It's been a disappointing rookie season for Giants safety Xavier McKinney, who has spent the year on injured reserve rehabbing from a broken foot.
Although McKinney hasn't contributed much to his teammates' cause on the field since suffering his foot injury during training camp on August 27, his high football IQ hasn't wasted away while he waits to make his NFL debut.
Defensive backs coach Jerome Henderson has kept McKinney involved in regular game preparation.
"He's in the meetings every day and going through all the prep that the guys are going through," Henderson said. "Taking tests, having study projects, and things of that nature. I think just being around it keeps him locked in."
McKinney, the team's second-round pick out of Alabama in this year's draft, was praised for his athleticism, versatility, and instincts, traits that the Giants are looking forward to one day soon unleashing against opponents.
"When he was available to use before he got hurt, you saw he was a guy that had some natural instincts you just can't coach," Henderson said.
"When he got hurt it kind of took the air out of his sails obviously, it was the first time in his football career that something like this happened."
However, McKinney was also recognized for his football IQ, as Alabama head coach Nick Saban entrusted him to regularly carry out a different set of roles every week, which required good study habits and preparation.
The Giants were able to see plenty of McKinney's physical attributes during training camp. But since the injury, they've only been able to observe his work ethic in off-the-field preparation, which has been equally impressive, according to Henderson.
"Standing up in front of the room, I'm often talking to guys and I see his eyes are locked in, always hungry for information," Henderson said. "I'm excited for him when he does get his [opportunity] to actually put some of that information to use."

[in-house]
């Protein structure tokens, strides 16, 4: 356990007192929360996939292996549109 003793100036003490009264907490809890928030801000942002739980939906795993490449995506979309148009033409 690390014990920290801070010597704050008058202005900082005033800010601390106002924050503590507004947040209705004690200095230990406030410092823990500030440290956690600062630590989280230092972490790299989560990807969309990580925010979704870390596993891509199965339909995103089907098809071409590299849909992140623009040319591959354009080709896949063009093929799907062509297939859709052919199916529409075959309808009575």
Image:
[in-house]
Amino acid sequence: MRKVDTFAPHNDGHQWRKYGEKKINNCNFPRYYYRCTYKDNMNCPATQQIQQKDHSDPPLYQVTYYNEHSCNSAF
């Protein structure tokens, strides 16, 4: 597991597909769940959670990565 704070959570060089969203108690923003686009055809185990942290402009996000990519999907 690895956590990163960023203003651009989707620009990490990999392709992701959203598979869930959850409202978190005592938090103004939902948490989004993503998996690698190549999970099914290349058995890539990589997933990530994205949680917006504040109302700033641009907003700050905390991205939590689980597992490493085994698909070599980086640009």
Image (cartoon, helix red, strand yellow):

McKinney's "homework" of sorts during his rehab includes scouting opponents that he won't even be playing.
This practice not only gets the rookie in the groove of assessing NFL offenses it also is preparing him for game planning by making him think and approach the more complex NFL game with a coach's eye.
"One of the things he may have to do is give us a report on the quarterback," Henderson said.
"So he has to go study the quarterback, the mannerisms, like strengths, weaknesses, any tells we can get from him, go watch the touchdown copies, and see if there's anything we can pick up there that we can take into the game week.
"Or it could be studying the tight end. How does he beat man coverage? What does he do versus zone coverage? What routes does he run? What does he struggle with on the line of scrimmage? What are his blocking mannerisms? Any tells that he might have that will help us play."
Earlier this week, head coach Joe Judge spoke of hopefully getting McKinney back sooner than later. No such decision has been made, as the safety is potentially looking at another few weeks of rehab before he can thoroughly test his surgically repaired foot.
But when that time comes to where McKinney is ready to return to action, the expectation is that he should be able to step in as though he's never been away.